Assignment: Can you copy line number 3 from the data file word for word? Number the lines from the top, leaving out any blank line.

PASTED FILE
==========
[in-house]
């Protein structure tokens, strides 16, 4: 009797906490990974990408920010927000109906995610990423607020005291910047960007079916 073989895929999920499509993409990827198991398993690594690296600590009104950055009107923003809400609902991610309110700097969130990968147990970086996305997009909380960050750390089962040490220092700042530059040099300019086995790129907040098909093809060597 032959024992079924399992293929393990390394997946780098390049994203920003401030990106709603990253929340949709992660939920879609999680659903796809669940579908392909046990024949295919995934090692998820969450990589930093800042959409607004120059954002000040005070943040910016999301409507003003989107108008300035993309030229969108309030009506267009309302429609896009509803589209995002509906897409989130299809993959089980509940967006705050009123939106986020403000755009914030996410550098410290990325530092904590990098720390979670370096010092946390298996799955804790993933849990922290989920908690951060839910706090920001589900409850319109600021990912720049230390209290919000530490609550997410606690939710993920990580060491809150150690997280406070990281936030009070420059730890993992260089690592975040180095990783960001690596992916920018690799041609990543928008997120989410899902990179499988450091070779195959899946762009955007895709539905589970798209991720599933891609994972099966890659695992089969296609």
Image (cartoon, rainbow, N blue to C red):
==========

Image (cartoon, rainbow, N blue to C red):